In every age and in every land, God's messengers have been called upon to meet bitter opposition from those who deliberately chose to reject the light of heaven. Often, by misrepresentation and falsehood, the enemies of the gospel have seemingly triumphed, closing the doors by which God's messengers might gain access to the people. But these doors cannot remain forever closed, and often, as God's servants have returned after a time to resume their labors, the Lord has wrought mightily in their behalf, enabling them to establish memorials to the glory of His name.
Driven by persecution from Iconium, the apostles went to Lystra and Derbe, in Lycaonia. These towns were inhabited largely by a heathen, superstitious people, but among them were some who were willing to hear and accept the gospel message. In these places and in the surrounding country the apostles decided to labor, hoping to avoid Jewish prejudice and persecution.
In Lystra there was no Jewish synagogue, though a few Jews were living in the town. Many of the inhabitants of Lystra worshiped at a temple dedicated to Jupiter. When Paul and Barnabas appeared in the town and, gathering the Lystrians about them, explained the simple truths of the gospel, many sought to connect these doctrines with their own superstitious belief in the worship of Jupiter.
The apostles endeavored to impart to these idolaters a knowledge of God the Creator and of His Son, the Savior of the human race. They first directed attention to the wonderful works of God--the sun, the moon, and the stars, the beautiful order of the recurring seasons, the mighty snow-capped mountains, the lofty trees, and other varied wonders of nature, which showed a skill beyond human comprehension. Through these works of the Almighty, the apostles led the minds of the heathen to a contemplation of the great Ruler of the universe.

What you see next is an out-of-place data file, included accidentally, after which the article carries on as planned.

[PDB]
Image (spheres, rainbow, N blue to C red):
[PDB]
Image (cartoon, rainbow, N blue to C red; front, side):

Having made plain these fundamental truths concerning the Creator, the apostles told the Lystrians of the Son of God, who came from heaven to our world because He loved the children of men. They spoke of His life and ministry, His rejection by those He came to save, His trial and crucifixion, His resurrection, and His ascension to heaven, there to act as man's advocate. Thus, in the Spirit and power of God, Paul and Barnabas preached the gospel in Lystra.
At one time, while Paul was telling the people of Christ's work as a healer of the sick and afflicted, he saw among his hearers a cripple whose eyes were fastened on him and who received and believed his words. Paul's heart went out in sympathy toward the afflicted man, in whom he discerned one who "had faith to be healed." In the presence of the idolatrous assembly Paul commanded the cripple to stand upright on his feet. Heretofore the sufferer had been able to take a sitting posture only, but now he instantly obeyed Paul's command and for the first time in his life stood on his feet. Strength came with this effort of faith, and he who had been a cripple "leaped and walked."